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UCLA to pay $243 million to settle gynecologist sex abuse case

Disgraced gynecologist James Heaps stands accused of abusing hundreds of women over three decades at UCLA.

(CN) — The University of California announced Tuesday it has reached a settlement with more than 200 plaintiffs suing the university in Los Angeles Superior Court on claims of sex abuse by former UCLA gynecologist, Dr. James Heaps.

The agreement, reached through a private mediator, will see the public university system pay $243.6 million to 203 victims.

"This settlement is historic," said plaintiff's attorney John Manly in an interview. "It’s the result of not just lawyering, it’s the results of our clients' stories and the power of their stories. And the fact that the highest paid physician in the UC system was molesting his patients."

Heaps worked for the University of California, Los Angeles, in various capacities for 35 years between 1983 and 2018. He served on the UCLA Medical Center faculty for 29 of those years. The most recently settled suit accused Heaps of "groping and fondling his patients’ breasts, under the guise of conducting 'breast examinations;' digitally penetrating his patients’ vaginas in a sexual manner, under the guise of conducting 'pelvic examinations;' and sexually stimulating his patients by rubbing and caressing the exterior of his patients’ genitalia, including his patients’ clitorises."

The suit also accused the governing body of the UC system, the regents, of protecting Heaps "from being exposed as a sexual predator because the regents profited to the tune of millions of dollars from this gross misconduct."

Prosecutors indicted Heaps, 65, in 2021 on 21 counts of sexual abuse related to seven victims. He pleaded not guilty, and is currently awaiting trial.

In a statement, a UCLA spokesperson praised the plaintiffs for telling their stories. “The conduct alleged to have been committed by Heaps is reprehensible and contrary to the university’s values," the spokesperson said Tuesday. "We admire the courage of the plaintiffs in coming forward and appreciate plaintiffs’ counsel’s commitment to resolving the claims."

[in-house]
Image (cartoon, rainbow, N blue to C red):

Manly praised the university's handling of the case — both its decision to conduct an independent investigation, which found the school itself at fault, and its willingness to negotiate a settlement which spared many of his clients the pain of being deposed.

"Only a few of our clients were deposed," he said. "That’s a significant part of the win. They didn’t have to go through that trauma. This should serve as a model for other universities who are facing the same sort of claims.”

Manly has also represented plaintiffs suing the University of Southern California and George Tyndall, who is similarly accused of molesting hundreds of patients; he also represented victims of Larry Nassar, who abused hundreds of girls and young women while working as a doctor for the U.S. women's gymnastics team and the University of Michigan.

"Academic medicine really needs to take a close look at itself and examine why this is happening," said Manly. "Institutions seem to care more about their brand and their reputation than their patients’ safety." He added: "Frequently, at these institutions, there’s nobody in charge. They handle these cases badly. It seems the go-to plan is to cover it up. I think there has to be severe consequences for the perpetrator and for those who help keep the crimes a secret."

The settlement will need to be approved by judge before it is finalized. Money from the settlement will go into a fund, and be divided up by one or two retired judges, according to Manly. Some survivors will get more than others, depending on the severity of the abuse they suffered.

Numerous other lawsuits have been filed against Heaps and the University of California. One class action suit filed by some 6,000 former patients of Heaps was settled last year for $73 million, an amount Manly called "woefully inadequate." Other complaints, filed by hundreds of plaintiffs, remain pending.

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